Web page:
This week’s featured missing person is Jason Richard Macias, who disappeared from El Paso, Texas on August 30, 2011, at the age of 23. He left all his belongings behind, including his car, but nothing has been said about his passport, which probably would have needed if he was going to cross the border into Mexico. Macias was a frequent traveler to that country, but I don’t know if he went there after he disappeared.
If he is still alive, Macias would be 28 today. He’s quite tall — six foot five — and has the name “Martha” tattooed on his arm.
Breaking news today: the mother of little Aliayah Paige Lunsford (whose name is pronounced ah-LEE-ah, btw), who disappeared in 2011 at the age of three, has been charged with child abuse causing death in her daughter’s disappearance. Lena Lunsford was arrested in Florida and will not fight extradition back to West Virginia.
That this has turned into a murder-without-a-body case is not surprising; Lena had been the prime suspect in Aliayah’s disappearance all along and the police had said they didn’t believe she had been abducted. Lena was pregnant with twins at the time of Aliayah’s disappearance and had four other children; she permanently lost custody of all six kids in the aftermath of Aliayah’s disappearance.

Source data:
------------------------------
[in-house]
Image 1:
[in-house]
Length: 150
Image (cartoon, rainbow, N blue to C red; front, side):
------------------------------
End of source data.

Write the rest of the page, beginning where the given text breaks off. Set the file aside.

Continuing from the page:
If you look at the photos of Aliayah — I’ve got six of them — she always looks unhappy. One of them, in some versions, had been Photoshopped to remove the large bruise on her cheek; I posted the original.
I can only hope that Aliayah’s siblings are leading happy lives now and that the family will get some answers out of Lena at last.
- Mother of missing WV girl arrested in FL on child-abuse death charge
- Lena Lunsford arrested, charged with death of her daughter, Aliayah
- Sheriff: Lena Lunsford in custody on charge alleging death of Aliayah
A Charley Project Irregular who is also a Facebook friend messaged me within fifteen minutes of the news breaking: they’ve found the body of Erica Parsons. As of this writing, very little information has been made public, but we know that Sandy Parsons, Erica’s sorry excuse for an adoptive father, lead the police to her remains. Erica’s parents never reported her missing; her older brother did, twenty months after the last time he saw her.
I’ve blogged about Erica’s case several times, the last time in 2014. You can read the details of her dreadful home life and “morally bankrupt” parents on her Charley Project casefile. She was tiny: at thirteen years old she was less than four and a half feet tall. There’s reason to believe her growth was stunted due to malnutrition.
Both Sandy Parsons and Casey Parsons, Erica’s mother, are in prison right now for fraud, because they collected benefits from the government for Erica after she was no longer in their care.
When the cops identify whoever is responsible for Erica’s disappearance and death — and I think we all have a pretty good idea who did this — I can only hope they get the book thrown at them.